In Invasion of the Body Snatchers, the fear of alien infiltration reflects broader anxieties of the Cold War era, where secrecy and mistrust pervaded society. The narrative explores themes of identity, authenticity, and the threat of conformity, resonating with contemporary concerns about the erosion of individuality and the insidious nature of societal control.

used to describe the structuring of narratives, the delineation of spaces, and the navigation of textual landscapes. In this context, "cartographies" refers to the ways in which authors and filmmakers construct and represent spaces within their works, whether real or imaginary.

Tortured husband in I Married a Monster from Outer Space (1958)

Jarvis's exploration of postmodern cartographies delves into how contemporary American culture, as reflected in literature and film, grapples with the complexities of space and place. He examines how authors and filmmakers navigate the terrain of the postmodern condition, where traditional notions of space, identity, and reality are destabilized and fragmented. Through close readings of texts and films, Jarvis reveals how these artists employ cartographic strategies to map out the shifting landscapes of postmodernity.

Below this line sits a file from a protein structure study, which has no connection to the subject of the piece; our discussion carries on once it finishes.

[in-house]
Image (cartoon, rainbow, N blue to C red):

Lousy husband in I Married a Monster from Outer Space (1958)

While Jarvis's book may not directly engage with science fiction as a genre, its examination of postmodern cartographies offers insights that are relevant to the study of speculative fiction. Science fiction often explores alternative worlds and futuristic landscapes, challenging conventional understandings of space and time. 

By analyzing how authors and filmmakers negotiate the complexities of spatial representation, Jarvis's work sheds light on how science fiction constructs its own unique cartographies.